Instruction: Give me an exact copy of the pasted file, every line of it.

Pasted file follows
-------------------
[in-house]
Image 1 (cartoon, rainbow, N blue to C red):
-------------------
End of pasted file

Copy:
[in-house]
Image 1 (cartoon, rainbow, N blue to C red):